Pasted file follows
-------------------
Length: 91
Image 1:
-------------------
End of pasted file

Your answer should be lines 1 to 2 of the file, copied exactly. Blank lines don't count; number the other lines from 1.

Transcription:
Length: 91
Image 1: